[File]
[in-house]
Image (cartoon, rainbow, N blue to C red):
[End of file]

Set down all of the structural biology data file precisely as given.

[in-house]
Image (cartoon, rainbow, N blue to C red):